Supplemental Nutrition Assistance Program: Examining the Evidence to Define Benefit Adequacy


Report at a Glance

The Supplemental Nutrition Assistance Program (SNAP) is the largest nutrition assistance program administered by the USDA, serving more than 46 million low-income Americans per year, at a cost of more than $75 billion. The goals of SNAP are to improve participants’ food security and their access to a healthy diet.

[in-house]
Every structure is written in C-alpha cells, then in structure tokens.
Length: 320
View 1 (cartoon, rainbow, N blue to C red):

The USDA asked the IOM and the National Research Council to consider whether it is feasible to objectively define the adequacy of SNAP allotments that meet the program goals and, if so, to outline the data and analyses needed to support an evidence-based assessment of SNAP allotment adequacy. The committee concluded the adequacy of the allotments can be defined, but doing so requires identifying the factors that affect SNAP participants’ ability to meeting the program goals. The committee recommends individual, household, and environmental factors and program characteristics that USDA should consider in defining the adequacy of SNAP allotments and ways to approach monitoring the ability of participants to meet program goals with their allotment